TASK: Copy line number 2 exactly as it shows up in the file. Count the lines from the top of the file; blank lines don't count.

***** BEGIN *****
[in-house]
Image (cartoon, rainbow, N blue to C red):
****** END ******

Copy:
Image (cartoon, rainbow, N blue to C red):